The nuclear sector is much more than the generation of electricity for homes at the Atucha plants. Currently, the construction of the RA-10 reactorwhich will allow the development of a industrial input called siliconwhich will be key in the international geopolitics of the energy transitionbecause it is used for the production of electric car chips. It will be another of the services that the National Atomic Energy Commission (CNEA) will provide to the industry.
“You may wonder: What does nuclear energy in general and the construction of the RA-10 multipurpose reactor in Ezeiza, by the CNEA, have to do with the automotive industry?” he wrote on the social network Eduardo GiganteNational Director of Territorial Development in Lithium and Batteries, at the Secretariat of Strategic Affairs.
The RA-10 Project, currently under construction in Ezeiza, aims to develop the RA-10 Multipurpose Argentine Nuclear Reactor. Construction began in 2016 and is currently registers a global progress of 80%. The civil works are expected to be completed in 2023 and the installation will be commissioned at the end of 2024, according to official information.
“The RA-10 is a multipurpose research and production reactor of the open pool type with a power of 30 MW,” Gigante explained. The Atucha I plant has a power of 362 MW, more than 10 times the RA-10 reactor. “Because the RA-10 is not going to be used to generate electrical energy on a scale, its function is going to be totally different,” explained the engineer.
Among the functions, he detailed the production of medicinal radioisotopes for treatments such as cancer, and their use for diagnostic imaging. “Argentina is an exporter of this type of radioisotopes, thanks to the RA-3, which is already many years old and must be taken out of service,” Gigante mentioned.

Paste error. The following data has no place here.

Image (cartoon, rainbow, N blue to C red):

But he also highlighted the role of the reactor for the industry. “One of the services that the RA-10 will provide is silicon doping, basically it is a certain material, impurities are added intentionally, to modify certain parameters of this material. The introduction of impurities into materials is a process that has been practiced for centuries. The steel that we continually see is iron with an impurity, carbon, effectively steel is a solid solution of carbon in iron, which causes several of its mechanical properties to be modified.”
At this point, he linked the operation of the reactor with the industrial input: “In the case of silicon, doping, or its contamination with impurities, what it achieves is modifying its electrical properties, which makes it useful for making very high-performance computer chips. There are two ways to dope silicon: through a chemical process, or through irradiation in a reactor. Doing it through irradiation makes the final product of a much higher quality than the chemical process.”
To highlight the technology behind the process, Gigante mentioned: “This process is well known and is already done by the OPAL reactor in Australia.designed entirely by INVAP” (the Argentine state company that produces space, nuclear and scientific technology).
The relationship between this process and the geopolitics of the energy transition is in electric cars. “It is estimated that a current internal combustion car (of the latest generation) needs around 1000 to 1500 computer chips to operate, but in the case of an electric car this value reaches 3000 to 3500 high-performance chip.”
“We talk about power electronics, because they are subjected to high voltages and currents) that can only be produced with high quality silicon doping, that is silicon doped by neutron transmutation, which is precisely what is obtained in RA-10 processes“Gigante added.
Sources in the sector anticipate that there will be shortages of this service, due to the demand that will exist and a supply “saturated with sales”, which is why it is expected to be a strategic and “very well-paid” input. It is estimated that the service of irradiating one ton of silicon costs US$100,000.
Atomic energy and industry
The National Atomic Energy Commission (CNEA) has an offer of services for the productive sector, through technological linkage units. By law, the income it generates is reinvested in its laboratories and research.